We trusted that the Baltimore County Board of Education would select a qualified superintendent. Instead, a special dispensation had to be given to allow Dallas Dance to serve as superintendent because he didn’t meet the set minimum standards.
We trusted that the superintendent would follow the Maryland State Department of Education’s mission and its overarching strategic plan of data-informed decisions and high quality resources. Instead, the superintendent gambled our children’s future on STAT — Students and Teachers Accessing Tomorrow, a for-profit digital takeover of education fueled mostly by untried, untested and unproven ed tech programs.
We trusted the superintendent’s plan to pilot STAT in select “Lighthouse Schools” that would be sufficient to evaluate efficacy and work out problems. Instead, STAT was rolled out quickly. We trusted that the superintendent would follow Rule 6002, “Evaluation and Selection of Instructional Materials,” which requires that selected materials be free of questions or activities that invade personal or family privacy by requiring students to reveal private, personal or family information. Instead, computer-based learning companies have been allowed to collect, store, and utilize student information without parental consent. We trusted that STAT would improve academic achievement. Instead, program evaluators from Johns Hopkins report little to no improvement linked directly to the digital initiative.
We trusted that Baltimore County Public Schools would implement the recommendation to amend its existing policies to require competitive procurement methods for all contracts for services. Instead, BCPS, through Rule 6002 which fosters such high-dollar no-bid contracts, continues to negotiate multi-million dollar no-bid contracts for unproven ed-tech programs and applications. We trusted that the school board, County Council and County Executive Kevin Kamenetz would exercise fiduciary and efficacy oversight. Instead, approval for the funding of no-bid contracts and questionable curricular materials were freely given.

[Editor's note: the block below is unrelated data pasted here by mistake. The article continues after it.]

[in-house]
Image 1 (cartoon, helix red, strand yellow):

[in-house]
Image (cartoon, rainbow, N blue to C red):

We trusted that the health and safety of our children would be of paramount importance. Instead, students are exposed to an unregulated amount of screen time in school with more required for homework. We trusted that schools would be maintained and upgraded regularly. Instead, Baltimore County is home to the second oldest inventory of schools in the state, in disrepair, overcrowded, outdated, and even unsafe. We trusted that state and county tax dollars would be spent wisely. Instead, more than enough money to rebuild two new high schools is being spent on digitizing education.
And now that the curtain has been drawn back exposing a web of deceit, BCPS is asking us to trust it to conduct an audit, an audit that it has designed, an audit that is limited in scope (not the six years under the former superintendent), an audit that mostly cherry picks contracts that were bid out rather than focusing on the no-bid variety. This is tantamount to a fox auditing a hen house. No! Enough is enough. We need and deserve a full-fledged independent audit (“Dallas Dance’s guilty plea spurs renewed calls for Baltimore County school system audit,” March 8). So we trusted that the state legislature would step up and step in to conduct a Special Review Audit spanning Dallas Dance's tenure with the county school district. They declined on the eve when the Baltimore County Board of Education is set to vote for an expansion of the STAT program to the tune of an additional $140 million — the signature program of our disgraced former superintendent.
Government is not inherently bad, but bad governance is criminal.
Bronwyn Mitchell-Strong, Timonium
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